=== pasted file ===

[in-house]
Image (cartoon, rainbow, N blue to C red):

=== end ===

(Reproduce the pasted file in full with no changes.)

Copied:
[in-house]
Image (cartoon, rainbow, N blue to C red):